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Geneva Rice wanted a vegetable garden but she didn�t have much dirt in her yard. Coleman and Callaway Stivers didn�t have much room. Susan Peek found a way to garden with less water. And Carlos McClure uses old Christmas trees for bean trellises.

These Kentuckians wouldn�t let problems like lack of space or soil stop them from gardening. When Kentuckians want a vegetable garden, they�re going to have a vegetable garden.

You can read about these and other clever Bluegrass gardeners who applied imagination and creativity to overcome garden obstacles.

Kentucky garden innovators also bring their brains to larger issues, like reducing their impact on the environment. The story describes ideas Kentuckians use for lawn care, watering, and mulching that bring the gardener and the garden closer together.

�There is a reason for every creature and every process,� says Chris Korrow, whose photography of bugs teaches him lessons about interaction between people and the rest of nature.

So maybe it�s not such a long trip from ants and bees to worldwide environmental issues.

The Future of Electricity column is in the midst of a series on ways scientists think we can reduce the impact on global warming. This month�s column covers efforts to reduce coal plant emissions of carbon dioxide, one of the greenhouse gases linked to global warming.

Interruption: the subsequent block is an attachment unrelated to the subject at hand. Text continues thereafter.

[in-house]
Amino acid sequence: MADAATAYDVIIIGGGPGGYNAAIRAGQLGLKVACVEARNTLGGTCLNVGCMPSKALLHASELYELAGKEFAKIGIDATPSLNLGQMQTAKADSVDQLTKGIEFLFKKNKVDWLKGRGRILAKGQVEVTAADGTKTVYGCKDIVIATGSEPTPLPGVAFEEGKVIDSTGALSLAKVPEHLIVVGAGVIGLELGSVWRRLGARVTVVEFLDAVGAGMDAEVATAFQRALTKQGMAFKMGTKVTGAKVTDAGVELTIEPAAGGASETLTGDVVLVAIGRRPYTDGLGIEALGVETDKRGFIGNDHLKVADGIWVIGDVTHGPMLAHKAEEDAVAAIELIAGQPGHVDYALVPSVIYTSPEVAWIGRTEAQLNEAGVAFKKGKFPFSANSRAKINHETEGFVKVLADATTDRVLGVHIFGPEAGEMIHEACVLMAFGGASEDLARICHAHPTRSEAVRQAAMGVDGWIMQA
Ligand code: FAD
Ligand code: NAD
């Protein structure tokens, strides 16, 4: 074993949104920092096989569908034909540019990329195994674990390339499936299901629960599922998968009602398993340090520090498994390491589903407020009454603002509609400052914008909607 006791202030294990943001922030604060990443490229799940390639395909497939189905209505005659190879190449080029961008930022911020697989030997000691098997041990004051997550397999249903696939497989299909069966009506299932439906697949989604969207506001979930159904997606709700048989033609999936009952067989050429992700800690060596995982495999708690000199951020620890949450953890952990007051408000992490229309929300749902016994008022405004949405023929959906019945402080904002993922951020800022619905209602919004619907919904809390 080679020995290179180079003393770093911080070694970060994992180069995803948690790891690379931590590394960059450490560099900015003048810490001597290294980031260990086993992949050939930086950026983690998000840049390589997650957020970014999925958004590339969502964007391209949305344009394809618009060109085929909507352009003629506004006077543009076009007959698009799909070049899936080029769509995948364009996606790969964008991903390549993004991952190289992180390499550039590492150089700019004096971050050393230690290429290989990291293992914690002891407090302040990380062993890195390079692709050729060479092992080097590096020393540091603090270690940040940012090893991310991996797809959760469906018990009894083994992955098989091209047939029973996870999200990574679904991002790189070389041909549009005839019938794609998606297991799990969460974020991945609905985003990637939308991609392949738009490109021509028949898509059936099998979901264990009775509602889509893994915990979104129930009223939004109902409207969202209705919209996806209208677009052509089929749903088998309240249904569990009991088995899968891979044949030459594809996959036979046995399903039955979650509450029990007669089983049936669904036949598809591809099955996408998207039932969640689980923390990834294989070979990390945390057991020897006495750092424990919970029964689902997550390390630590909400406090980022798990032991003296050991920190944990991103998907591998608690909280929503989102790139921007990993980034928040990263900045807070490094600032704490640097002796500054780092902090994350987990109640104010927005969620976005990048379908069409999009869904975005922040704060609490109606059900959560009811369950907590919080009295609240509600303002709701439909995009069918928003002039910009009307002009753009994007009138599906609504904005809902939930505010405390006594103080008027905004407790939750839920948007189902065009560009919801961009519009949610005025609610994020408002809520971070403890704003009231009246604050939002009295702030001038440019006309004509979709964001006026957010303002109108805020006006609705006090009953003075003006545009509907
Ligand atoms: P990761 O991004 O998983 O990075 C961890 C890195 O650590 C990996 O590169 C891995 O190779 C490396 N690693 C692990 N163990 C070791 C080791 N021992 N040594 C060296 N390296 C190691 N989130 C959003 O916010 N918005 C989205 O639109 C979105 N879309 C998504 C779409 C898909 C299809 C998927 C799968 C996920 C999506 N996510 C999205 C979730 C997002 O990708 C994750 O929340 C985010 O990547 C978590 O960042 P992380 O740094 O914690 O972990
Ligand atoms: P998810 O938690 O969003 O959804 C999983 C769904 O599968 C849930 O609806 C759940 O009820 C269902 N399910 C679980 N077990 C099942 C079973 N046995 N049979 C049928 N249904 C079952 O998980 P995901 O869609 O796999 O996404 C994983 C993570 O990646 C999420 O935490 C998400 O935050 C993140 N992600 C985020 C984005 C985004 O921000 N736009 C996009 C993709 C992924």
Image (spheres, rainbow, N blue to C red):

Kentucky has a special stake in anything that affects coal-burning power plants, since that�s what produces nearly all the state�s electricity. Reliance on that coal is among the reasons our state has some of the lowest electric rates in the nation.

It makes sense, then, that Kentucky electric cooperatives are among the leaders in burning coal more efficiently. New technology implemented by East Kentucky Power Cooperative allows more electricity to be produced from the same amount of coal. It�s a solution good for business and the environment.

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